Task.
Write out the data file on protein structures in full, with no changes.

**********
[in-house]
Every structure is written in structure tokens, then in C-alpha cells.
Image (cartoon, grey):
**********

[in-house]
Every structure is written in structure tokens, then in C-alpha cells.
Image (cartoon, grey):